While everyone around the world is bragging about their organized closets, my toddler is ransacking every single closet in our home. My husband, Scott, and I have both been working from home without childcare for several weeks during the COVID-19 pandemic. There’s one word to describe our status. Bananas. Our life is B-A-N-A-N-A-S.
Thankfully, my husband and I are both still employed at least as of the day I write this. Not everyone is so lucky. And, our offices are understanding of the flexibility needed to care for our daughter, Charlotte. The days are long, but we’ve managed to get into a routine. Here is a small window into our lives these days. Yesterday in particular.
It’s Friday. My husband wakes at 6 a.m. and begins working immediately. Pulling my tired, pregnant body takes me an extra 20 minutes. Side note, in addition to the many unknowns related to COVID-19 and pregnancy, being pregnant during a pandemic with a toilet paper shortage when you need to pee all the time and not being able to drink alcohol feels like a cruel joke.
Anyway, back to 6:25 a.m. My daughter is stirring, and I rush to make myself look somewhat human for upcoming video conference calls. My husband manages to get Charlotte from her pajama pants into normal pants but she won’t part with her pajama top. She wins this battle but won’t win the war. Charlotte eats more of my breakfast then her own— look at her stealing from her little sibling already — and milk spills on the floor in three-minute increments.
Next, I get the first two-hour block to work, while Scott is on Charlotte duty. Few coworkers have started their days, and I get through a significant amount of my to-do list. Charlotte does make a brief cameo during my first video conference call, otherwise behaves well for Scott.
My quality time with Charlotte follows, so after changing her pajama top, I take her outside to burn off some of that toddler energy. I’m a quarter of the way done drawing Minnie Mouse with chalk when I realize Charlotte is 50 yards ahead of me. I make a mental note to sign her up for track in a few years and chase after her.
Back inside, it’s down to the basement. I try my luck at giving Charlotte crayons and hope that she keeps them on her construction paper instead of coloring her toys this time. I open my laptop. Before the quarantine we used to say, “Charlotte plays well independently while being watched closely.” Thankfully, this has improved otherwise we’d work until 10 p.m. each night. Earlier this week, she entertained herself by taking her shirt off and placing a bucket on her head while riding her rocking horse. A mother’s pride and joy.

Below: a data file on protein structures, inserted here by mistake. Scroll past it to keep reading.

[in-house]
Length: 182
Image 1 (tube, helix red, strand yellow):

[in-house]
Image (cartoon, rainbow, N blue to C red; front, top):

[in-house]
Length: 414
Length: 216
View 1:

Lunchtime is when things went off the rails. My daughter wasn’t eating her lunch like I hoped, and she accidentally bumped her head on the kitchen table. Naturally, a terrible two meltdown followed. We moved to the couch and watched her beloved Mickey Mouse Clubhouse,and she soon calmed down.
Scott was making his signature BLTs for lunch when hot bacon grease accidentally spilled onto his fingers, leading to excruciating pain. While I was googling what to do for burns and on hold with Urgent Care, Charlotte was walking around with the butter knife. She also managed to lock the bathroom door, thankfully, not with her behind it. The hinges would later need to be removed to unlock the door. Insisting on sitting in a regular chair, Charlotte fell and had her second meltdown in ten minutes.
After his Urgent Care visit, Scott learned that he had first- and second-degree burns. He took pain meds and went to rest. Charlotte took a nap. I somehow managed to get some more work done after the traumatic lunch.
Later that night after dragging myself into bed, I reflected on the “bananas” day. Under normal circumstances, this would be considered an awful day. However, we now have the perspective to appreciate what we have in light of the ongoing global pandemic. So many people are battling things much more serious. After weeks of quarantine, I’ve finally recalibrated about what’s most important in life. It boils down to the health of my loved ones. Scott’s hand is already feeling better and Charlotte’s boo-boos from the day are long forgotten. My life is bananas but I love it.
2 thoughts on “This Life is Bananas”
Lauren, I’ve forgotten how busy a 2 year old can be! The most stressful time I remember was the winter of 90 when my baby daughter had croup, my 18 month old son and I were house bound due to snow and ice for 2 months.
You, Scott and the parents of this young generation deserve free vacations for making life “normal” for your kids in these stressful times.
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I bet that was a stressful time – nothing worse that having sick kiddos.
We’re dreaming of a vacation when this is all over! 🏖